6. Soil Conditions: The soil conditions on the site are likely to be similar to those on the North High School campus. A firm of "consulting engineers, geologists, and environmental (I was asked not to use the firm's name.) prepared a report which was presented to the Denver Public Schools on August 8, 1979. The report states: Our test holes and test pits showed up to feet of man-made fill; 3 feet of medium dense to dense, slightly silty to silty sands; 4 feet of medium dense, clayey to very clayey sands; and 16 feet of stiff to very stiff, sandy clays over firm to medium hard claystone bedrock at depthsranging from to 16 feet. One test hole showed a hard to very hard sandstone layer, 5 feet thick and 11 feet below ground surface, overlying the claystone bedrock. Our experience in the area indicates that the claystone bedrock, clayey phases of the sandstone bedrock and some _of the clays swell upon wetting. The expansive clays, claystone and clayey phases of the sandstone bedrock are stable at their natural moisture contents, however, if wette. d will swell, causing movement of foundations placed thereon. The upper sands and clays should support low to moderate loads and the claystone and sandstone bedrock high loads. We measured free water in four of our test holes atdeptbs of to 13 feet during drilling. We have no data on seasonal ground water fluctuations at the site. Additional data on ground water fluctuations during wetter seasons and wetter years should be checked. In the absence of such data, we suggest assuming free water levels could rise 3 feet above the highest levels meaasured in our test holes. It appears ground water will have little effect on planned nearsurface construction, but will affect pier drilling. 7. Sun: Presently there are no buildings or natural geologic features which shade the site. Since the site is on a south-facing hillside, the opportunities for passive or active solar use on the site are considerablo, particularly given the 248 days of clear or partly cloudy days which Denver enjoys annually. Solar angles for various months are given in i tern 13, "climate." 1 1

PAGE 14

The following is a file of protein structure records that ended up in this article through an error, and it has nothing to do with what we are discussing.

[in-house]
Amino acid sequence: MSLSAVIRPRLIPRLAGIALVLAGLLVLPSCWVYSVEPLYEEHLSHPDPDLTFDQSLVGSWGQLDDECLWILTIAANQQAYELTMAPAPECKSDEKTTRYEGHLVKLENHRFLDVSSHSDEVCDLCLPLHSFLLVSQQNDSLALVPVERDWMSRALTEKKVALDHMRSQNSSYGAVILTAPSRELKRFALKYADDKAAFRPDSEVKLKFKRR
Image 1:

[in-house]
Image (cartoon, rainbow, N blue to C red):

8. 1979 Uniform Building Code Requirements: 'This code summary is for residential multi-unit buildings, with some references to other types (garages, carports) in case these structures are part of the total design. References in brackets are all to sections of the 1979 usc. (1) Occupancy Classification: Group R, Division 1 /-1201_7 (2) Occupancy Separation Requirements: Three hours from Group R to garage (Group Bl) and one hour to restaurants, offices and stores (Groups 82, 3, and 4) L-Table 58_7 (3) Construction Types Permitted: Types I -V. See summary table on next page. (4) Fire ratings, etc.: (fi) One hour for exterior walls L-Table 5 A_7 (b) If two stories of less in height, nonbearing walls need not be rated if common walls and corridors have one-hour rati0g. L-1202(b)_7 (c) If higher than two-stories, floors, roofs, partitions, and structured frame must have one-hour rating if there is more than 3000 sq. ft. above the first story. (d) If three or more stories and 15 or more apartments, a fire alarm is required. (5) Number of Exits Required: (a) 2/dwelling for housing with occupancy over 10, based on 300 square feet/occupant. L-Table 33A_7 (b) Floors above first floor must have two exits if occupancy is greater than 10 L-3302(a)_7, three exits if occupancy of 501 to 1000, and four exits if over 1000. (c) To compute number of exits needed for a floor, take the occupancy of that floor plus 50% of the occupancy of adjoining floors exiting through that floor plus 25% of the occupancy of the floor immediately above or below the adjacent floor(s). (d) Every sleeping room below the fourth story must have one operable door or window with at least 5.7 sq. ft. of opening at least 24 inches wide and high and no more than 44 inches above the floor. (6) Exit Door Width Requirements: Occupant load divided by SO = exit width in feet Minimum size for individual doors: 3'-0" x 6'-8" L-3302(3)_7 12